Chapter 16
A Community of Tennessee Writers, Readers & Passersby

Black in Appalachia

Karida Brown explores the way ideas of home have shaped an oft-overlooked population

Gone Home: Race and Roots through Appalachia, Karida L. Brown’s lyrical consideration of African Americans in the coal-mining towns of Harlan County, Kentucky, offers a needed antidote to the dominant national belief that Appalachia is populated exclusively by poor white people. Brown tells the story of how Harlan County, a “waystation” in the Great Migration from the South to points North and West, became a home to black people and remains a psychic home today, even after the coal towns there fell into ruin.

Photo: Brian L Christian

Gone Home is not an idiosyncratic look at an obscure people in an isolated place. Instead, it focuses on epochal changes in the nation during the twentieth century: the rise and fall of Jim Crow, the movement of black people from the South, and the transition from industrial to postindustrial America.

The book’s structure is refreshingly unique: Brown conducted more than 150 interviews with black people who lived in Harlan County during the boom years of the coal industry, and she often allows her subjects to speak for themselves. An explanation of concepts or contexts often frames these passages, which appear sometimes as lyrical paragraphs of separate quotations from multiple people and sometimes as longer, uninterrupted comments from a single person. A formidable archive lies at the heart of Gone Home, and Brown borrows a number of concepts to unpack the archive, but her readings of W.E.B. DuBois’s ideas of African-American identity do the most work. It all fits together seamlessly, and the end result is a book that is very readable and conceptually interesting at the same time.

Gone Home expertly balances particularity of place with larger trends in the history of African Americans writ large. Black people in Harlan County suffered the same trials that countless African Americans suffered under Jim Crow and through the Great Migration, but the experiences of black Appalachians were inflected in unique, coal-country ways.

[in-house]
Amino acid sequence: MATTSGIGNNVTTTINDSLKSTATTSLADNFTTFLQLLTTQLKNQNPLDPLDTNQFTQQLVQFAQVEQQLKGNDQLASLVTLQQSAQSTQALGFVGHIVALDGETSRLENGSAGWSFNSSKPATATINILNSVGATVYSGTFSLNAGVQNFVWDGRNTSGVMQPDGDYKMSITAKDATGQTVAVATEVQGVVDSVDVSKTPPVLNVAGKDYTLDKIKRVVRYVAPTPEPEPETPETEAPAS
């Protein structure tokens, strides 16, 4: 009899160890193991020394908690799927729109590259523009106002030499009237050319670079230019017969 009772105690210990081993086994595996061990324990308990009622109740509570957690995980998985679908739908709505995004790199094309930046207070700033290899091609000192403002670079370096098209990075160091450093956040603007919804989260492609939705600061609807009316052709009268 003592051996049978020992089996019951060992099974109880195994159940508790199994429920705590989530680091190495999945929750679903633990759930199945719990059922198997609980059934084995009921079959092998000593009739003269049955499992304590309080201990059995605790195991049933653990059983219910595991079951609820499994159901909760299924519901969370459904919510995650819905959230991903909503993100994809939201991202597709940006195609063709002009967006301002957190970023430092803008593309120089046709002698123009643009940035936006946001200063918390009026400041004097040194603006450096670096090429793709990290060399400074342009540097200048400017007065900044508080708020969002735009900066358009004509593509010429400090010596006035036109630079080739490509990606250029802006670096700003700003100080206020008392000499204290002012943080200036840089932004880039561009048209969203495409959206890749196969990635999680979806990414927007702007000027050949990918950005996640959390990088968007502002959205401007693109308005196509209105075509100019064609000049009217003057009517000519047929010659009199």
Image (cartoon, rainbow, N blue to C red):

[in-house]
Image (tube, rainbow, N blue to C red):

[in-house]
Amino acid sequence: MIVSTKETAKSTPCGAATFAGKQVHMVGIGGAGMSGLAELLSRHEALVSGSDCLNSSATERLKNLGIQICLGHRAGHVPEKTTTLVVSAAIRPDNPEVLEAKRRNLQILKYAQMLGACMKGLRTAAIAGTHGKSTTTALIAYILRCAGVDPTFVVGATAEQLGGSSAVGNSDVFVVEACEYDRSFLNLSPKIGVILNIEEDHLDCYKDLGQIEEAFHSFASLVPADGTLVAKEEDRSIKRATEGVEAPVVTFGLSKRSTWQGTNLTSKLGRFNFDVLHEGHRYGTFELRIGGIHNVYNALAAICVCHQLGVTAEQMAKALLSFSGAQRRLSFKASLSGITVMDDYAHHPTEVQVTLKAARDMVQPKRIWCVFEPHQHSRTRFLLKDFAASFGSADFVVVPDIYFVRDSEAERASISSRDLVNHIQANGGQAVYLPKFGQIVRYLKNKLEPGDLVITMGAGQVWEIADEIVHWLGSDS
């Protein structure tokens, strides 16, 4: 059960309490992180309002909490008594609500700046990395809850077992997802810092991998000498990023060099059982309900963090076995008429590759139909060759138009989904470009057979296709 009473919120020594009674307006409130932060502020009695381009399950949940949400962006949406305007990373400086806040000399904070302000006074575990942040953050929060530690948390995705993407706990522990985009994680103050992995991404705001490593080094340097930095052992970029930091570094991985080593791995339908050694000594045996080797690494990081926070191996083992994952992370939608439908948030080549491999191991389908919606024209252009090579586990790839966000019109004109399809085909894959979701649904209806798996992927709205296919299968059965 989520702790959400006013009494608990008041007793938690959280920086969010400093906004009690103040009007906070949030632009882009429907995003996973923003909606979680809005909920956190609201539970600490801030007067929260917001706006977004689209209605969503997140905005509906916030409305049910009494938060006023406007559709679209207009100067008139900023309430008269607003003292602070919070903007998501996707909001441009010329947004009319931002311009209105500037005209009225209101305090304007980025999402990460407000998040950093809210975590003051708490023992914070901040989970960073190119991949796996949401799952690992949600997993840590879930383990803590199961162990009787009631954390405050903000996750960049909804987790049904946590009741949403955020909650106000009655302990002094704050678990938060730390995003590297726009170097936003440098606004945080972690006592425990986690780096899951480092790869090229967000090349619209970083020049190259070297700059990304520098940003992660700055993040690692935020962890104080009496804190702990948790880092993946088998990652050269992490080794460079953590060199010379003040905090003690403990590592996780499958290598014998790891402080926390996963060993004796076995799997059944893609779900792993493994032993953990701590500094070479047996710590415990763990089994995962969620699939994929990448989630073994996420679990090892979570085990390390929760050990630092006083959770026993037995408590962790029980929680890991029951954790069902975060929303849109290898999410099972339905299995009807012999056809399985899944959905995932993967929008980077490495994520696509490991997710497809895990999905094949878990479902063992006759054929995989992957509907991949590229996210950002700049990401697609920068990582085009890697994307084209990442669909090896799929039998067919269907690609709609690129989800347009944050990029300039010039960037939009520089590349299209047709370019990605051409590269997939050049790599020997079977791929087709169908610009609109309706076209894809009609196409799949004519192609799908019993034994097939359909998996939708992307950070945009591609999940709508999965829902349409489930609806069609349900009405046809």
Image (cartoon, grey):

They lived in company towns, for example, where U.S. Steel or International Harvester controlled their daily existence. But they also enjoyed an approximation of equality because everyone’s father worked in the mines, where the necessities of hard and dangerous work could mean a rough brotherhood across the color line. Class distinctions sometimes appeared in institutions like schools, however, and African Americans in Harlan created the same parallel institutions, informal or otherwise, that sustained so many black communities under Jim Crow. But the isolation of these communities and the common work uniting them made their institutions even more closely knit.

Some of the most moving stories in Gone Home derive from the complex feelings of dislocation and lost community identity occasioned by school desegregation. As the author neatly puts it, “it was not the actual act of integration that generated negative feelings, but the procedure by which the process was carried out.” Black educators, the carriers of uplift for these communities, often lost their jobs, and black students entered classrooms where white teachers didn’t care for them in the same way.

Desegregation coincided with the mechanization of the mines, and people began to move on to look for work. As Brown puts it, “The black community groomed them for…migration from childhood.” Fathers worked coal so their children never had to.

It’s stunning how short-lived these communities were—ephemeral, lasting only a few decades—but it’s also moving to learn how many people still consider these places home, the sites of memory. Scores of people return to Harlan each year for Memorial Day, and hundreds of others meet each year in different locations under the auspices of the Eastern Kentucky Social Club. It’s a nostalgia that might seem strange were it not for Karida L. Brown’s essential book.

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